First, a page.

Suppose you know 80 percent of the material, in the sense that, on any given question, you have an 80 percent chance of getting the right answer. On average, you’ll score 80 percent, or 40 out of 50. But, depending on which questions the professor picks, your grade will vary, possibly by a lot.

The standard deviation of your score is going to be 5.6 percentage points. That means the 95 percent confidence interval for your score is wide, stretching from 69 to 91.

And, if you’re comparing two students, 2 SD of the difference in their scores is even higher — 16 points. So if one student scores 80, and another student scores 65, you cannot conclude, with statistical significance, that the first student is better than the second!

So, in a sense, exam writing is like coin tossing. You study as hard as you can to learn as much as you can — that is, to build yourself a coin that lands heads (right answer) as often as possible. Then, you walk in to the exam room, and flip the coin you’ve built, 50 times.

——

It’s similar for chess.

Every game of chess is different. After a few moves, even the most experienced grandmasters are probably looking at board positions they’ve never seen before. In these situations, there are different mental tasks that become important. Some positions require you to look ahead many moves, while some require you to look ahead fewer. Some require you to exploit or defend an advantage in positioning, and some present you with differences in material. In some, you’re attacking, and in others, you’re defending.

That’s how it’s like an exam. If a game is 40 moves each, it’s like you’re sitting down at an exam where you’re going to have 40 questions, one at a time, but you don’t know what they are. Except for the first few moves, you’re looking at a board position you’ve literally never seen before. If it works out that the 40 board positions are the kind where you’re stronger, you might find them easy, and do well. If the 40 positions are “hard” for you — that is, if they happen to be types of positions where you’re weaker — you won’t do as well.

And, even if they’re positions where you’re strong, there’s luck involved: the move that looks the best might not truly *be* the best. For instance, it might be true that a certain class of move — for instance, “putting a fork on the opponent’s rook and bishop on the far side of the board, when the overall position looks roughly similar to this one” — might be a good move 98 percent of the time. But, maybe in this case, because a certain pawn is on A5 instead of A4, it actually turns out to be a weaker move. Well, nobody can know the game down to that detail; there are 10 to the power of 43 different board positions.

The best you can do is see that it *seems* to be a good move, that in situations that look similar to you, it would work out more often than not. But you’ll never know whether it’s 90 percent or 98 percent, and you won’t know whether this is one of the exceptions.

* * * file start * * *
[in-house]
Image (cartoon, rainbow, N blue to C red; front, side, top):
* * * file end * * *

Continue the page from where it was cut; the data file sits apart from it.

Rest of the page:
——

It’s like, suppose I ask you to write down a 14-digit number (that doesn’t start with zero), and, if it’s prime, I’ll give you $20. You have three minutes, and you don’t have a calculator, or extra paper. What’s your strategy? Well, if you know something about math, you’ll know you have to write an odd number. You’ll know it can’t end in 5. You might know enough to make sure the digits don’t add up to a multiple of 3.

After that, you just have to hope your number is prime. It’s luck.

But, if you’re a master prime finder … you can do better. You can also do a quick check to make sure it’s not divisible by 11. And, if you’re a grandmaster, you might have learned to do a test for divisibility by 7, 13, 17, and 19, and even further. In fact, your grandmaster rating might have a lot to do with how many of those extra tests you’re able to do in your head in those three minutes.

But, even if you manage to get through a whole bunch of tests, you still have to be lucky enough to have written a prime, instead of a number that turns out to be divisible by, say, 277, which you didn’t have time to test for.

A grandmaster has a better chance of outpriming a lesser player, because he’s able to eliminate more bad moves. But, there’s still substantial luck in whether or not he wins the $20, or even whether he beats an opponent in a prime-guessing tournament.

——

On an old thread over at Tango’s blog, someone pointed this out: if you get two chess players of exactly equal skill, it’s 100 percent a matter of luck which one wins. That’s got to be true, right?

Well, maybe you’re not sure about “exactly equal skill.” You figure, it’s impossible to be *exactly* equal, so the guy who won was probably better! But, then, if you like, assume the players are exact clones of each other. If that still doesn’t work, imagine that they’re two computers, programmed identically.

Suppose the computers aren’t doing anything random inside their CPUs at all — they have a precise, deterministic algorithm for what move to make. How, then, can you say the result is random?

Well, it’s not random in the sense that it’s made of the ether of pure, abstract probability, but it’s random in the practical sense, the sense that the algorithm is complex enough that humans can’t predict the outcome. It’s random in the same way the second decimal of tomorrow’s Dow Jones average is random. Almost all computer randomization is deterministic — but not patterned or predictable. The winner of the computer chess game is random in the same way the hands dealt in online poker are random.